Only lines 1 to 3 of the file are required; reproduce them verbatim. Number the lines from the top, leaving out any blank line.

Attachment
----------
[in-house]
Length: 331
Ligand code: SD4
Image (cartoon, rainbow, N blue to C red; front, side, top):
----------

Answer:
[in-house]
Length: 331
Ligand code: SD4